US President Donald Trump’s decision to recognise Jerusalem as the capital of Israel and move the US embassy to the city from Tel Aviv has reignited the Palestinian cause, according to analysts.
Breaking with years of US policy, Trump announced the move on December 6, drawing international condemnation and sparking a wave of heated protests around the world.
No country currently has its embassy in Jerusalem.
The status of Jerusalem has long remained a sensitive topic and one of the core issues in the Israeli-Palestine conflict.
Trump’s decision has “touched the nerve of the Arab people and the backbone of the international law”, said Salman Abu Sitta, chairman of the Popular Conference of Palestinians Abroad.
“The declaration has ignited the people’s feelings about Palestine and Jerusalem as its symbol, but it also exposed those who ran into the despicable position of the so-called normalisation,” he told Al Jazeera, speaking from Kuwait.
Jerusalem, home to holy religious sites, has particular significance for Muslims, Christians and Jews.
West Jerusalem was seized by Israel during the 1948 Arab-Israeli war, when more than 750,000 Palestinians were expelled from historic Palestine, referred to by Palestinians as the Nakba (catastrophe) when Israel was officially founded.
Israel subsequently occupied and annexed the eastern part of the city after its military victory in the 1967 war, but its control over East Jerusalem has never been recognised by the international community.
Palestinians want occupied East Jerusalem as the capital of a future state, while Israel says the city cannot be divided.
With the issue of Israel and Palestine on the back burner of diplomacy in recent years, Trump’s decision comes as “a godsend” for the people of Jerusalem, explained Daoud Kuttab, a Palestinian journalist and columnist.
“Donald Trump gave Jerusalemites and Palestinians a huge early Christmas gift,” he told Al Jazeera.
“The 300,000 Palestinians in Jerusalem who have been political orphans received more attention than they could have dreamed of,” he added.
has certainly unified the ordinary Arab and Muslim citizens to demand their government to take a much more determined action to help the Palestinian cause and get away from the US.”]
The international community has never recognised Israel’s claim to the entire city.
Ghada Karmi, a British-Palestinian author and research fellow at Exeter University’s Institute of Arab and Islamic Studies, said the move has given Israel “free license to take over the whole of Jerusalem”, but has also brought the Palestinian struggle into the spotlight again.
“It’s had a very unending consequence,” she told Al Jazeera from London. “It’s indeed returned the issue of the Palestinians and of Jerusalem onto the world stage.”
Karmi added: “It faces the official Arab position with a real question: how do they want to proceed from now on? They have to start thinking again.”
An extraordinary summit of the Organisation of Islamic Cooperation (OIC) was held in the Turkish city of Istanbul on Wednesday regarding Jerusalem.
The Jeddah-based group rejected and condemned the American decision.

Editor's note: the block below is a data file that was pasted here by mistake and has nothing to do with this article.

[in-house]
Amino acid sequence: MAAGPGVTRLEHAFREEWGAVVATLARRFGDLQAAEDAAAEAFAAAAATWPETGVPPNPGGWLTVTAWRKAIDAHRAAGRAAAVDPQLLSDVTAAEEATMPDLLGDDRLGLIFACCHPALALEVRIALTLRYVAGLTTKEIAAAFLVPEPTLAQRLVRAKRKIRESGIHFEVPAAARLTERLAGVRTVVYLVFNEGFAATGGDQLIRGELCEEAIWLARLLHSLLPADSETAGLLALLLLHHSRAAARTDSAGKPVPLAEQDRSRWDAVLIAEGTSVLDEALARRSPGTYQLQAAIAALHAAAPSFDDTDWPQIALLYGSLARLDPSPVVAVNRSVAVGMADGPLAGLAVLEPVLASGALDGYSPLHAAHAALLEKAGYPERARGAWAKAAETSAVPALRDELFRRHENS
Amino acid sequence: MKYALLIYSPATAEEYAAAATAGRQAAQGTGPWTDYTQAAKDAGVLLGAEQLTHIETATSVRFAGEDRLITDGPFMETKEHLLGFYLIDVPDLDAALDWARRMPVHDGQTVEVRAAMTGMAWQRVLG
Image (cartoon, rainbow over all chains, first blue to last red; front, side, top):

“This is a violation of international law … and this is a provocation of the feelings of Muslims within the world … it will create a situation of instability in the region and in the world,” Yousef al-Othaimeen, OIC’s secretary general said.
A series of emergency sessions were held in the days after the US decision and the issue has been high on the agenda of diplomatic meetings and international summits.
Several members of the UN Security Council held an emergency meeting to roundly condemn the move at the UN headquarters in New York.
The Arab League also slammed Trump’s decision at an emergency session of foreign ministers from 22 Arab states in Egypt’s capital, Cairo.
But Arab and Muslim leaders have been criticised for not taking concrete steps against Trump’s decision.
Palestine President Mahmoud Abbas said there was no strong Arab official response and urged bolder steps.
“Embassies were not closed, ambassadors were not expelled and relations were not cut off or even frozen,” he said in a speech delivered by Foreign Minister Riyad al-Maliki on his behalf on Tuesday, adding that rejecting the decision is not enough.
Many believe Arab nations are “too compromised” in their relationship with the US to take any effective action.
“The Arab regimes issue statements and declarations for public consumption only,” said Al Jazeera’s senior political analyst Marwan Bishara.
“In reality, they are too weak or too divided to do anything about it.”
However, others feel there is increasing pressure on the diplomats from ordinary citizens.
The US move “has certainly unified the ordinary Arab and Muslim citizens to demand their government to take a much more determined action to help the Palestinian cause and get away from the US”, said Karmi.
Diplomats and experts have long vouched for a two-state solution to the Israeli-Palestinian conflict.
Afte Trump’s announcement, there is growing consensus that such a solution is “effectively dead”.
“This has exposed the fallacy of the so-called peace process,” said Abu Sitta of the Popular Conference of Palestinians Abroad.
Some also point towards a one-state solution now as the only option.
“This last action on the part of the American president by giving the whole of Jerusalem to the Israelis is obviously the final nail in the coffin of the idea of the two-state solution,” said Karmi.
Follow Saba Aziz on Twitter: @saba_aziz